The city began to lock down. The entire rush hour was all day and on foot. You could see the people walking uptown, covered in ash. Barefoot. My wife had rushed to pick our oldest at school. There were stories of parents who never came. They too were dead.
And there was work. We had to cover this story, sitting in midtown Manhattan wondering if another plane was going to come our way.
At that point I was writing a daily online column for Fortune, called Street Life. Fortunately, we archived the columns from that week, which are here. On that day as it was happening I wrote simply: “This changes everything.”
And this as well
“Bottom line: Let's be real. They tried to destroy Wall Street and they did destroy a big chunk of it. But I'm not so sure that this is going to tip us into recession. We may have one anyway, AND often times the market recovers from this kind of thing. We are seeing New Yorkers rally together, lining up to donate blood, and I think they will persevere. People are comparing this to Pearl Harbor, it could also be like London in the Blitz in WWII, after which a city and a nation were galvanized and fought back.”
That night we hugged our kids in relief, but also fear. Would more attacks come? We drank Wild Turkey. And our friend, the aforementioned Kate A, couldn’t leave the city and spent the night with us.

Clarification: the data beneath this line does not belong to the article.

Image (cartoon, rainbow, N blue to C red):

No peace came after that. The days after were surreal. The weather continued to be lovely and yet there was nothing but smoke rising from lower Manhattan from the ruin, (which persisted for 100 days), as well as fear in the city. Like this from Sept. 12, the day after.
“And today, a new feature, bomb scares across Manhattan. I heard there were incidents at Conde Nast, Bear Stearns, Penn Station, and the old Morgan Stanley place next door. Standing outside the Time Life building with evacuees from next door, there was a large crash at a construction site nearby. 500 people jumped.”
Along with all the other chaos and horror that week, there was still the work and decisions to be made. ABC News called me that week and asked me to come in and talk. My contract was up for renewal. Business wasn’t good, they said, companies were pulling their ads from 9/11 coverage. Recession talk was in the air. And, more than that, I just wasn’t a good fit. And they were right. And so I was let go.
Luckily for me, my boss John Huey, editor-in-chief of Time Inc, called the then head of CNN, Walter Isaacson, and asked him if CNN could use me. The answer was affirmative and my first day was to be that next Monday, Sept. 17, 2001. It was another day I will never forget.
I was told to report that morning to 5 Penn Plaza, catty-corner to Madison Square Garden in midtown. There I was directed to an outdoor balcony set that faced south looking straight down Manhattan, with smoke from the wrecked Towers wafted upwards. “You’re on with Paula in three minutes,” the director said. “You guys are going to open up the New York Stock Exchange.” Live. Wow, CNN doesn't mess around. Mind you the NYSE had been closed since 9/11, for four days, the longest it had been shut ever (until last year during the COVID-19 pandemic, though that was different, as trading continued uninterrupted).